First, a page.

He went on to say that “all Americans were horrified by the assault on our Capitol. Political violence is an attack on everything we cherish as Americans. It can never be tolerated.
“Now, as I prepare to hand power over to a new administration at noon on Wednesday, I want you to know that the movement we started is only just beginning,” he said.
The Wall Street Journal reported that the former president is mulling the option of establishing a new party.
Prime Minister Benjamin Netanyahu congratulated Biden and Harris on their being sworn in and being inaugurated yesterday.
Netanyahu referred to his “warm friendship going back many decades” with the new president.
“I look forward to working with you to further strengthen the US-Israel alliance, to continue expanding peace between Israel and the Arab world and to confront common challenges, chief among them the threat posed by Iran,” Netanyahu said.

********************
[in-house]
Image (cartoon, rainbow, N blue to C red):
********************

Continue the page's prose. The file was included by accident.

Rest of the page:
The prime minister wished Biden “the greatest success.”
“God bless the United States of America. God bless Israel,” he added.
Netanyahu also thanked former president Donald Trump “for all the great things you have done for Israel, especially your historic recognition of Jerusalem as Israel’s capital and bringing four peace agreements between Israel and the Arab world.”
President Reuven Rivlin sent a letter  of congratulations to Biden, wishing him success.
“Mr. President, sometimes even the obvious has to be said,” Rivlin wrote. “The United States of America has no greater friend than the State of Israel, and the American people have no greater friend than the Israeli people. Our relationship crosses partisan politics, is rooted in shared values of democracy and freedom, and has the overwhelming support of both our peoples.
“We have no doubt that under your presidency the United States remains committed to the security and prosperity of Israel.”
Lahav Harkov contributed to this report.